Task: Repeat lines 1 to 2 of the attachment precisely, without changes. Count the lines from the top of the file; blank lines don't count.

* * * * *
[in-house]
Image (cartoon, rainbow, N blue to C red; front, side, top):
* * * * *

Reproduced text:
[in-house]
Image (cartoon, rainbow, N blue to C red; front, side, top):